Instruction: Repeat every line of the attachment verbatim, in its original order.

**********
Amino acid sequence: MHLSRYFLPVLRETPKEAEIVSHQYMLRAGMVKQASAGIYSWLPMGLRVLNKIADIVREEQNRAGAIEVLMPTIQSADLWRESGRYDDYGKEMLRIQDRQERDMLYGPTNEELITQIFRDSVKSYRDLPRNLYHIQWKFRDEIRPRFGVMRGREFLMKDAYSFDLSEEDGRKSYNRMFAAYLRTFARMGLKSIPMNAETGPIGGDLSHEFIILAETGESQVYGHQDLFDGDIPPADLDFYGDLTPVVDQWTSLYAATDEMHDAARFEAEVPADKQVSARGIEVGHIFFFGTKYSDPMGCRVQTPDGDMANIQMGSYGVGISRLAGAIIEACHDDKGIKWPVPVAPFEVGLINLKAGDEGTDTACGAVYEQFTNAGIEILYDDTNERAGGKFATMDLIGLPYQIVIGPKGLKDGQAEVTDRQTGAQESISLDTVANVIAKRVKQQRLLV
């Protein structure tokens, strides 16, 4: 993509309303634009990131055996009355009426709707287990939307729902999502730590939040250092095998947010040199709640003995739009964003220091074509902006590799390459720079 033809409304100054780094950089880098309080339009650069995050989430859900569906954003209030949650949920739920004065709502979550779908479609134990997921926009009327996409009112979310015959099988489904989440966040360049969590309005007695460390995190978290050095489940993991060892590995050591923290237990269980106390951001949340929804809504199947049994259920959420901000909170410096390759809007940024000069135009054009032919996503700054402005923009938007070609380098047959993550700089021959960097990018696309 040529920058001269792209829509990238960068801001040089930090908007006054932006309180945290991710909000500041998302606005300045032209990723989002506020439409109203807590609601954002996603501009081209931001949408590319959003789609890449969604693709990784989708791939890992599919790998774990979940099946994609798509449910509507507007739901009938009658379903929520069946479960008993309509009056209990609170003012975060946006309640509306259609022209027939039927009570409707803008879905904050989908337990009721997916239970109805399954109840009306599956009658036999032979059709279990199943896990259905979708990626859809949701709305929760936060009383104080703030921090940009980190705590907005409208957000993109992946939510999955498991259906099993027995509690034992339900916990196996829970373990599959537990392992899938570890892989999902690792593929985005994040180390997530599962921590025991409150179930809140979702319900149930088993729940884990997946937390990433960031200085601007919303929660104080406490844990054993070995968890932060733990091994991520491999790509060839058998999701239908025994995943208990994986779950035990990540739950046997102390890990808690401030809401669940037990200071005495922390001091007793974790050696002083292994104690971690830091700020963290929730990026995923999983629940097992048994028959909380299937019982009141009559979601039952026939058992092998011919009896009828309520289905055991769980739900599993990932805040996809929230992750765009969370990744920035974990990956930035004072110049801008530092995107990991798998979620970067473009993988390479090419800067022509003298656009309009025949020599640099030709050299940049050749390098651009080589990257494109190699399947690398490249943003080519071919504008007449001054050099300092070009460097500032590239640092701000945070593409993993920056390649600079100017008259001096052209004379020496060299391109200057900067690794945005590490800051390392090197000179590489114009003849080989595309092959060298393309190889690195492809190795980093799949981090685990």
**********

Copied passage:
Amino acid sequence: MHLSRYFLPVLRETPKEAEIVSHQYMLRAGMVKQASAGIYSWLPMGLRVLNKIADIVREEQNRAGAIEVLMPTIQSADLWRESGRYDDYGKEMLRIQDRQERDMLYGPTNEELITQIFRDSVKSYRDLPRNLYHIQWKFRDEIRPRFGVMRGREFLMKDAYSFDLSEEDGRKSYNRMFAAYLRTFARMGLKSIPMNAETGPIGGDLSHEFIILAETGESQVYGHQDLFDGDIPPADLDFYGDLTPVVDQWTSLYAATDEMHDAARFEAEVPADKQVSARGIEVGHIFFFGTKYSDPMGCRVQTPDGDMANIQMGSYGVGISRLAGAIIEACHDDKGIKWPVPVAPFEVGLINLKAGDEGTDTACGAVYEQFTNAGIEILYDDTNERAGGKFATMDLIGLPYQIVIGPKGLKDGQAEVTDRQTGAQESISLDTVANVIAKRVKQQRLLV
């Protein structure tokens, strides 16, 4: 993509309303634009990131055996009355009426709707287990939307729902999502730590939040250092095998947010040199709640003995739009964003220091074509902006590799390459720079 033809409304100054780094950089880098309080339009650069995050989430859900569906954003209030949650949920739920004065709502979550779908479609134990997921926009009327996409009112979310015959099988489904989440966040360049969590309005007695460390995190978290050095489940993991060892590995050591923290237990269980106390951001949340929804809504199947049994259920959420901000909170410096390759809007940024000069135009054009032919996503700054402005923009938007070609380098047959993550700089021959960097990018696309 040529920058001269792209829509990238960068801001040089930090908007006054932006309180945290991710909000500041998302606005300045032209990723989002506020439409109203807590609601954002996603501009081209931001949408590319959003789609890449969604693709990784989708791939890992599919790998774990979940099946994609798509449910509507507007739901009938009658379903929520069946479960008993309509009056209990609170003012975060946006309640509306259609022209027939039927009570409707803008879905904050989908337990009721997916239970109805399954109840009306599956009658036999032979059709279990199943896990259905979708990626859809949701709305929760936060009383104080703030921090940009980190705590907005409208957000993109992946939510999955498991259906099993027995509690034992339900916990196996829970373990599959537990392992899938570890892989999902690792593929985005994040180390997530599962921590025991409150179930809140979702319900149930088993729940884990997946937390990433960031200085601007919303929660104080406490844990054993070995968890932060733990091994991520491999790509060839058998999701239908025994995943208990994986779950035990990540739950046997102390890990808690401030809401669940037990200071005495922390001091007793974790050696002083292994104690971690830091700020963290929730990026995923999983629940097992048994028959909380299937019982009141009559979601039952026939058992092998011919009896009828309520289905055991769980739900599993990932805040996809929230992750765009969370990744920035974990990956930035004072110049801008530092995107990991798998979620970067473009993988390479090419800067022509003298656009309009025949020599640099030709050299940049050749390098651009080589990257494109190699399947690398490249943003080519071919504008007449001054050099300092070009460097500032590239640092701000945070593409993993920056390649600079100017008259001096052209004379020496060299391109200057900067690794945005590490800051390392090197000179590489114009003849080989595309092959060298393309190889690195492809190795980093799949981090685990």